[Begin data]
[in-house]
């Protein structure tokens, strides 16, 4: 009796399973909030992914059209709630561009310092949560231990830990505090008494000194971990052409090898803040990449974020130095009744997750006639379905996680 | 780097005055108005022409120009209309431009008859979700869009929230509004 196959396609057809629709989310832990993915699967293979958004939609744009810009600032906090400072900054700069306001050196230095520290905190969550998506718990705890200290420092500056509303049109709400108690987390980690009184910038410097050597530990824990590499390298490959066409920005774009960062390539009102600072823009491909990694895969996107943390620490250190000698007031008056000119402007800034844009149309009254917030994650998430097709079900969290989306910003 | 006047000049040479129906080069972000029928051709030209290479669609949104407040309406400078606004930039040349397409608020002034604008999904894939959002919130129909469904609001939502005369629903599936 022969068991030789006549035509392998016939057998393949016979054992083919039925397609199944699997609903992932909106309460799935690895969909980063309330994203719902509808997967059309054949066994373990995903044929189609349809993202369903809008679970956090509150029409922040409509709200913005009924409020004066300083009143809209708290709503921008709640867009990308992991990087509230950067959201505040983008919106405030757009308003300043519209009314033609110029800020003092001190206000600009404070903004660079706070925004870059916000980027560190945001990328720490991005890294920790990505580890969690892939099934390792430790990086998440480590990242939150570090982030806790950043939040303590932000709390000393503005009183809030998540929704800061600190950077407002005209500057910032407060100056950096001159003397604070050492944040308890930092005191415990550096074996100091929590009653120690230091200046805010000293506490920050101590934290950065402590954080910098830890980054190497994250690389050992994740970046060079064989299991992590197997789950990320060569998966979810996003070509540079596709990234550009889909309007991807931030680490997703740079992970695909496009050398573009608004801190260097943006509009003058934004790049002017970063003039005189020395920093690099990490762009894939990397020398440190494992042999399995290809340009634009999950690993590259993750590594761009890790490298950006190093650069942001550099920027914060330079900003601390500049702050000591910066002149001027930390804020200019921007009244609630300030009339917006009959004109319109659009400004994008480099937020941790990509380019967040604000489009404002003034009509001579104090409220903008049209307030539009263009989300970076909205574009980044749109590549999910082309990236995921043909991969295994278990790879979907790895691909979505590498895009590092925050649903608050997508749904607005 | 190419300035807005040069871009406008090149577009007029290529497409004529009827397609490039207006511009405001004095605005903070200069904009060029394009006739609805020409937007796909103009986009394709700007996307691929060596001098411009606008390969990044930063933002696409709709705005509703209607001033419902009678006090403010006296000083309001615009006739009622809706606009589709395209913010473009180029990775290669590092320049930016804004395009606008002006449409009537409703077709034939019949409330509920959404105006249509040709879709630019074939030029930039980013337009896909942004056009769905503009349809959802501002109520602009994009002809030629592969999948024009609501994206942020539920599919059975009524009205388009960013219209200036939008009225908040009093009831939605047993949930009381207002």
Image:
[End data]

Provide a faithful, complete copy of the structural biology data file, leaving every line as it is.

[in-house]
């Protein structure tokens, strides 16, 4: 009796399973909030992914059209709630561009310092949560231990830990505090008494000194971990052409090898803040990449974020130095009744997750006639379905996680 | 780097005055108005022409120009209309431009008859979700869009929230509004 196959396609057809629709989310832990993915699967293979958004939609744009810009600032906090400072900054700069306001050196230095520290905190969550998506718990705890200290420092500056509303049109709400108690987390980690009184910038410097050597530990824990590499390298490959066409920005774009960062390539009102600072823009491909990694895969996107943390620490250190000698007031008056000119402007800034844009149309009254917030994650998430097709079900969290989306910003 | 006047000049040479129906080069972000029928051709030209290479669609949104407040309406400078606004930039040349397409608020002034604008999904894939959002919130129909469904609001939502005369629903599936 022969068991030789006549035509392998016939057998393949016979054992083919039925397609199944699997609903992932909106309460799935690895969909980063309330994203719902509808997967059309054949066994373990995903044929189609349809993202369903809008679970956090509150029409922040409509709200913005009924409020004066300083009143809209708290709503921008709640867009990308992991990087509230950067959201505040983008919106405030757009308003300043519209009314033609110029800020003092001190206000600009404070903004660079706070925004870059916000980027560190945001990328720490991005890294920790990505580890969690892939099934390792430790990086998440480590990242939150570090982030806790950043939040303590932000709390000393503005009183809030998540929704800061600190950077407002005209500057910032407060100056950096001159003397604070050492944040308890930092005191415990550096074996100091929590009653120690230091200046805010000293506490920050101590934290950065402590954080910098830890980054190497994250690389050992994740970046060079064989299991992590197997789950990320060569998966979810996003070509540079596709990234550009889909309007991807931030680490997703740079992970695909496009050398573009608004801190260097943006509009003058934004790049002017970063003039005189020395920093690099990490762009894939990397020398440190494992042999399995290809340009634009999950690993590259993750590594761009890790490298950006190093650069942001550099920027914060330079900003601390500049702050000591910066002149001027930390804020200019921007009244609630300030009339917006009959004109319109659009400004994008480099937020941790990509380019967040604000489009404002003034009509001579104090409220903008049209307030539009263009989300970076909205574009980044749109590549999910082309990236995921043909991969295994278990790879979907790895691909979505590498895009590092925050649903608050997508749904607005 | 190419300035807005040069871009406008090149577009007029290529497409004529009827397609490039207006511009405001004095605005903070200069904009060029394009006739609805020409937007796909103009986009394709700007996307691929060596001098411009606008390969990044930063933002696409709709705005509703209607001033419902009678006090403010006296000083309001615009006739009622809706606009589709395209913010473009180029990775290669590092320049930016804004395009606008002006449409009537409703077709034939019949409330509920959404105006249509040709879709630019074939030029930039980013337009896909942004056009769905503009349809959802501002109520602009994009002809030629592969999948024009609501994206942020539920599919059975009524009205388009960013219209200036939008009225908040009093009831939605047993949930009381207002």
Image: